In his state-of-the-state address on Wednesday, Gov. Ned Lamont acknowledged the affordability issues facing Connecticut residents – issues upon which Republicans campaigned last year.
They said his solution isn’t satisfactory.
“We have high healthcare costs and high energy costs and high housing costs, and the answer cannot always be more subsidies or bailouts,” Lamont said to a packed joint legislative session. “The taxpayers cannot afford it and too often the subsidy is an excuse for no structural reform.”
Republican lawmakers say Democrats have delayed those structural reforms for years.
“I think it’s an issue Democrats have been very negligent in over the last few years,” House Minority Leader Vincent Candelora said Wednesday. “We’ve allowed all this federal money to come in. This governor has heavily subsidized everybody’s health care.”
Candelora is referring to the billions in premium health insurance credits Connecticut has received from the federal government for plans purchased through the exchange, Access Health CT.
“They’re going to go away and we’re going to hit a cliff,” Candelora said.
Connecticut would have already hit that cliff if it hadn’t been for the Inflation Reduction Act that gave it three more years of subsidies.
“It is a little bit hypocritical to say you’re not going to receive these subsidies anymore,” Candelora said.
In his speech, Lamont challenged health insurance companies to stop passing the costs onto hospitals and pharmaceutical companies.
“Let’s reward patients and companies who seek treatment where they get the best quality and the best value,” Lamont said.
But the platitudes didn’t sit right with Republicans who have been pushing for a reinsurance waiver that would reduce premium costs by picking up the most costly patients.
Senate Republican Leader Kevin Kelly said they need to continue to look at the reforms they need. Kelly has been unable to get his reinsurance proposal out of the Insurance and Real Estate Committee for years.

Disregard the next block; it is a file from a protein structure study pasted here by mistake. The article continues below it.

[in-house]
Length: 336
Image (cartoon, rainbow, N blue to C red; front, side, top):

“Republicans clearly hear affordability,” Kelly said. “I’ve been pushing on this with regards to health insurance.”
He said Connecticut has to be affordable and right now it’s not.
Democratic lawmakers didn’t necessarily argue with that statement.
“We have to make a dent, there’s no question about it,” House Speaker Matt Ritter said. “It might take years. It might take continuous reform. The governor has the cost-containment committee which is going to be explaining increases and you know, I would just say at the end of the day we have the right people in the room looking at this issue.”
But Lamont didn’t just single out the health insurance industry. He also called out utility companies.
“Come on electric utilities, don’t tell me you are just passing along those high natural gas prices to the ratepayer and at the same time ask the taxpayers to subsidize it more,” Lamont said. “Let’s together get control over our energy supply chain so Putin and the Saudis can no longer control our destiny and our wallets.”
Lamont said they have made a start by expanding wind power and extending nuclear power another decade.
But as far as solutions, there are far fewer.
Kelly said everything needs to be on the table and he doesn’t exactly know whether that means re-regulating the electricity market is the best way to solve the problem.
“I just don’t think regulation is the end-all-be-all,” Kelly said.
Ritter said just like health care, energy is complicated, but he thinks he put the right people in place to deal with the situation.
Ritter moved Rep. Jonathan Steinberg, D-Westport, to chair the Energy and Technology Committee with Sen. Norm Needleman, D-Essex.
He said the two are talking about solutions.
“It’s a complicated answer. I know, no one likes to hear that,” Ritter said. “At the end of the day we have the right people in the room.”